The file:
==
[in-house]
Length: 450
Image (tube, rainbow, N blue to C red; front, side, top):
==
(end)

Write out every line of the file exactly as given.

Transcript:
[in-house]
Length: 450
Image (tube, rainbow, N blue to C red; front, side, top):